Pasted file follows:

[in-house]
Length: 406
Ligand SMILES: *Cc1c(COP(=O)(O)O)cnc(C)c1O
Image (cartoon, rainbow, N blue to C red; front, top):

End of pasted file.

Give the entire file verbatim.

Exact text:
[in-house]
Length: 406
Ligand SMILES: *Cc1c(COP(=O)(O)O)cnc(C)c1O
Image (cartoon, rainbow, N blue to C red; front, top):